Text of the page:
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Little life conversations case study

Name: Jan Barker

Jan Barker lives in St Erme in Cornwall. She is 72 and is a semi-retired healer. Jan talks about how the death of her mother in 2015 made a big impact on her own end of life wishes.

“Over the last year of her life, my Mum was in and out of hospital and eventually moved into a nursing home. It was at this time that my sister and I started to sort out her house and found a letter, addressed to us both, which said: ‘To be opened when I am no longer with you’. We both assumed this contained instructions for her funeral.

When she died a few months later, we opened the letter and soon realised we were wrong. It was a beautiful, personal letter – but it had no information about her end of life wishes.

This threw us into a bit of a spin and meant we had to wing it when we planned her funeral. All the decisions were left up to us – the music, the ceremony, the words. Luckily, we had a fair idea of her likes and dislikes, so we were able to guess at what she might have wanted.

This obviously put some extra stress on my sister and I – we didn’t mind, but it opened my eyes. I knew I didn’t want my children to go through the same process when I die. As a result, I have been quite prescriptive with my wishes.

I don’t want a conventional funeral. I would like a natural burial, no words and no tears. I have set aside some money for a big party instead. I want people to remember me as they wish. Hopefully this won’t happen for a long time! But I wanted to make sure my children had this information in advance.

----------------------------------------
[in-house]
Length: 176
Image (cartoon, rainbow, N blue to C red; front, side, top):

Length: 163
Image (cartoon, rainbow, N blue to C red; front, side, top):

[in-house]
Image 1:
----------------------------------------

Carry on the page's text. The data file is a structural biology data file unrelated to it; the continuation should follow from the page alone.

We didn’t sit down and have a planned, formal discussion. Instead, it came up naturally in conversation, perhaps when we were talking about other funerals. I added some humour in there and got my messages across without them getting upset. Now they are clear about what I want, and we all found it really reassuring. I made it all very natural and I think they will respect my wishes. I’ve reiterated what I want in my will, as a reminder!

In our culture death has only really become a problem in recent years, as people don’t talk about it and it is often removed from the family home. After all, whether we feel comfortable with the idea or not, we are all we are all going to die at some point.

I’d like to encourage other people to talk about death and their wishes with their loved ones. I want to normalise these conversations. I think people should have the topic in the back of their minds and bring the subject up when an opportunity arises – don’t force the conversations, don’t make it formal.

I’m so glad I had the conversation with my children. It has been so reassuring for us all. It means they will have one less thing to do when I die, they won’t have to worry about whether they get it ‘right’ or not.”

For more information on how to start your conversations, click here